Michael Cox



Caspar Fownes on front foot as ‘flexible’ Jockey Club policy changes put emphasis on PPGs

A raft of changes to import permits have been welcomed by four-time champion trainer Caspar Fownes as the Hong Kong Jockey Club scrambles to meet the demands of a bullish bloodstock market.

Caspar Fownes has praised the Hong Kong Jockey Club’s ‘flexible’ approach after a raft of ownership permit changes designed to boost Hong Kong’s ailing horse population and the four-time champion trainer is already adapting with a buying policy aimed at securing untapped talent.

A prizemoney boom in Australia, that has included the establishment of rich new races like the AU$15 million Everest and AU$10 million Golden Eagle, has fuelled a bullish bloodstock market that has put previously buyable prospects for Hong Kong out of reach.

Returns to owners in New South Wales and Victoria alone have more than doubled in the last ten years and this has left Hong Kong buyers and the club itself struggling for options as they battle to maintain not only the standard of horses in the jurisdiction, but pure numbers.

The Jockey Club had already lowered the minimum rating for tried horses and opened the door to overseas ownership, but this week informed trainers and permit holders that an individual owner could now own five horses instead of four, and made it easier to replace underperforming or injured horses.

“We have got to be flexible and adapt to the new reality, it doesn’t matter how much money you have, you can’t just go out and source what you want anymore,” Fownes said.

“You have to be able to buy something that has value for the job at hand, but with the money they are racing for in Australia, people just won’t let go of horses. The prizemoney is through the roof. People aren’t going to part with anything half decent, which is understandable, given all that is on offer for three-year-olds and four-year-olds.

“The Jockey Club is finally being a lot more flexible in what they do and being more accommodating going forward, giving people options.”


Caspar Fownes at the NZB Ready To Run Sale at Karaka. (Photo: Trish Dunell/NZ Racing Desk).

In response to the astronomical prices for highly rated young horses, the Jockey Club has further incentivised owners into pursuing unraced horses, or Private Purchase Griffins (PPGs).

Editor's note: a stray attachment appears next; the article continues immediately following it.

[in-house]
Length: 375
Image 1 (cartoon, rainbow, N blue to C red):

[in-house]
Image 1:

On Thursday, it promoted an astonishing 100 reserve permits from the reserve list for PPGs – raising the total number to 410, compared to 90 PP permits for the same year – and granted three month extensions to all outstanding 2021-22 permits.

The moves will create an unprecedented number of Hong Kong buyers in the Australian market, particularly for unraced horses.

Fownes has historically been an active and successful buyer of tried horses but he and son Ryan spent more than NZ$1million on four unraced lots at the New Zealand Bloodstock Ready to Run Sale at Karaka on Wednesday and Thursday.

Fownes’ horses were not for a specific owner and Fownes plans to have them prepared to barrier trial stage in Australia and New Zealand before assessing his options.

“Physically we have got some nice horses to work with and we are confident that if we take them to Class Four in Hong Kong that they will do a nice job for us,” said Fownes, who is working with trainers Lauren Brennan in New Zealand, and Lee and Shannon Hope in Australia.

“I have paid for these myself but people have got my number, if they like what they see they can get in touch. This is our starting point but once we go to the trials we will see exactly what we have got.”

Lot 19, the Turn Me Loose colt purchased at Karaka by Caspar and Ryan Fownes for NZ$500,000. (Photo: Trish Dunell/NZ Racing Desk).

Asked if his new buying policy on taking a position on unraced prospects would continue at the Australian and New Zealand yearling sales season in the new year, Fownes replied, ‘100 percent it will’.

“We are taking this seriously, we will acquire a few horses and we have some close owner friends that want to be part of the plan,” he said. “We plan to try and identify something we like and if we take them to the trials and if they look nice, we bring them to Hong Kong unraced, and if we think they are really special we will race them in Australia and qualify them for a Private Purchase permit. We will keep options open and see what type of permit we want to bring them in on.”

The new changes to the Jockey Club’s permit policies will benefit Hong Kong’s richest owners and allow them to replace underperforming horses more easily.

Horses will be able to be replaced with a “special replacement permit” after they have had a maximum of two runs – up from one – and the replacement can have a minimum rating of 70, a further drop from 75.

Also helping facilitate the replacements is the move to make it possible to ‘retire’ horses directly to Macau, when old rules required an expensive transfer via a third jurisdiction, usually New Zealand.



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